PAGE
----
BREAKING: Australia spots objects 'possibly' from plane
Australia has sent an aircraft to investigate two objects spotted by satellite floating in the southern Indian Ocean that could be debris from a Malaysian jetliner missing with 239 people on board, Prime Minister Tony Abbott said.
No confirmed wreckage from Malaysia Airlines Flight MH370 has been found since it vanished from air traffic control screens off Malaysia's east coast early on March 8, less than an hour after taking off.
"New and credible information has come to light in relation to the search for Malaysia Airlines Flight MH370 in the southern Indian Ocean," Abbott told the Australian parliament.
"The Australian Maritime Safety Authority (AMSA) has received information based on satellite imagery of objects possibly related to the search."
"Following specialist analysis of this satellite imagery, two possible objects related to the search have been identified," he said.
Abbott said he had already spoken with his Malaysian counterpart Najib Razak and cautioned that the objects had yet to be identified, according to Reuters news agency.
"The task of locating these objects will be extremely difficult and it may turn out they are not related to the search for MH370," Abbott said.
Malaysia's transport minister, Hishammudin Hussein, confirmed the new lead to reporters in Kuala Lumpur.
He was speaking after Australia sent aircraft to investigate two objects spotted by satellite floating in the sea.
Abbott said that a Royal Australian Airforce Orion has been diverted to the area to attempt to locate the objects. The Orion is expected to arrive in the area on Thursday afternoon, the Associated Press news agency reported.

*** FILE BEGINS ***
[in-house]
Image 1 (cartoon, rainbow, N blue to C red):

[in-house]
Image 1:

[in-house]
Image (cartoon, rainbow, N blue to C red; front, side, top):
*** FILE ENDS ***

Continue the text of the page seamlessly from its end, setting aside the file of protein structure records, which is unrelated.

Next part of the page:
Three additional aircraft are expected to follow for a more intensive search, he said.
Abbott cautioned, however, that the task of locating these objects will be extremely difficult and "it may turn out that they are not related to the search for flight MH370."
Investigators believe that someone with detailed knowledge of both the Boeing 777-200ER and commercial aviation navigation switched off the plane's communications systems before diverting it thousands of miles off its scheduled course from Kuala Lumpur to Beijing.
Exhaustive background checks of the passengers and crew aboard have not yielded anything that might explain why.
The FBI is helping Malaysian authorities analyse data from a flight simulator belonging to the captain of the missing plane, after initial examination showed some data logs had been deleted early last month.
Abbott said a search aircraft was due to arrive at the area where the objects were spotted at about the time he was speaking in parliament.
A media briefing is expected in the Australian capital Canberra at 0430 GMT.
An unprecedented multinational search for the plane has focused on two vast search corridors: one arcing north overland from Laos towards the Caspian Sea, the other curving south across the Indian Ocean from west of Indonesia's Sumatra islandto west of Australia.
Australia is leading the search in the southern part of the southern corridor, with assistance from the US Navy.